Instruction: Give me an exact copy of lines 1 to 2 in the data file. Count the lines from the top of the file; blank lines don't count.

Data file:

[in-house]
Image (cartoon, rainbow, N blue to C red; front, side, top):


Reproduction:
[in-house]
Image (cartoon, rainbow, N blue to C red; front, side, top):